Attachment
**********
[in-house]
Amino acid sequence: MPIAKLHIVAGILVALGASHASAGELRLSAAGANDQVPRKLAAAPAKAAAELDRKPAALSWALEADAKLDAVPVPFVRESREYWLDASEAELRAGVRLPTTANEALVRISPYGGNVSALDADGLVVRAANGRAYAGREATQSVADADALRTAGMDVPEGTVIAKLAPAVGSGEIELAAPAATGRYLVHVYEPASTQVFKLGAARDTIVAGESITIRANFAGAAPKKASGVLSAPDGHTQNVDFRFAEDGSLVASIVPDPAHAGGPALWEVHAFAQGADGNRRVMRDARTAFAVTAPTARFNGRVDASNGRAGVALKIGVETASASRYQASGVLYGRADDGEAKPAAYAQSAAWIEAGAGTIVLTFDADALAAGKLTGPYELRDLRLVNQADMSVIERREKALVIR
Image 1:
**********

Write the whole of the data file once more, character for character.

[in-house]
Amino acid sequence: MPIAKLHIVAGILVALGASHASAGELRLSAAGANDQVPRKLAAAPAKAAAELDRKPAALSWALEADAKLDAVPVPFVRESREYWLDASEAELRAGVRLPTTANEALVRISPYGGNVSALDADGLVVRAANGRAYAGREATQSVADADALRTAGMDVPEGTVIAKLAPAVGSGEIELAAPAATGRYLVHVYEPASTQVFKLGAARDTIVAGESITIRANFAGAAPKKASGVLSAPDGHTQNVDFRFAEDGSLVASIVPDPAHAGGPALWEVHAFAQGADGNRRVMRDARTAFAVTAPTARFNGRVDASNGRAGVALKIGVETASASRYQASGVLYGRADDGEAKPAAYAQSAAWIEAGAGTIVLTFDADALAAGKLTGPYELRDLRLVNQADMSVIERREKALVIR
Image 1: